Character Building - Heroism
( Originally Published Early 1900's )
HEROISM is so great and splendid a quality that it has not been thought too much to devote to it almost the whole of Volume VII in our Library. No urging will be necessary to make any lively youth read this section, but first he should scan Mr. Eggleston's admirable Introduction, and so free his mind at the start from the idea that heroism means only an exhibition of courage in the face of some great physical danger-still less that it is vainglorious. Real heroes are ever modest; usually the only explanation they can make of their act is, that it seemed to them the only thing to do at the moment. Take, for example, the fine instance of the fisherman, in Volume VII, page 177. The unheralded heroism of daily life-in the household and the office-outranks, as Henry Ward Beecher once declared, all that of the most memorable battlefields of history. Washington, cold and forlorn at Valley Forge, yet immovable against every discouragement that could assail a commander, is a more truly heroic figure than when he is seen at Princeton, charging mid smoke and cannon-flame upon the British batteries that have almost vanquished his wavering line. With this thought impressed upon the mind, no reading is more attractive or more inspiring to the young than stories of heroism; and the selections offered in the seventh volume of the series above referred to are rich in thrilling incidents as well as in deeply important lessons. One will not find there a rule for becoming a hero; but if he has taken into his character the spirit portrayed by the men and women in these narratives, he will need no rule.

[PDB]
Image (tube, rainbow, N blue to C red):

The man who faithfully does his duty in private life-it may be amid poverty, sickness, and disappointments-is as true a hero is he who dies bravely fighting on the battlefield. The truest courage is often manifested by women in the trials and difficulties of everyday home experience. The heroism of everyday life is much more important to the world than the heroism of wars and battles. With these thoughts always in mind, read the following stories, poems and articles in the Library :
In Volume VII be sure to read carefully the following splendid chapters: "Everyday Heroism," "Heroes Who Fight Fire," "Heroism of Women," "The Defenders of Thermopylae," and other articles treating of all the different phases of heroism. In Volume VI read "Finding Livingston," by Henry M. Stanley; "Arctic Perils," by Dr. Kane, and the closing chapters on "Arctic Exploration." Volume IX contains several admirable biographies of heroic men and women : we commend especially those of "Christopher Columbus" and "General Gordon." In Volume XI there are any number of stirring poems that relate heroic incidents, such as "Incident of the French Camp," " Casabianca, " "A Night with a Wolf," "Arnold Von Winkelried," and the stirring ballad-partly truth, partly fiction-that tells of the heroism of Barbara Frietchie.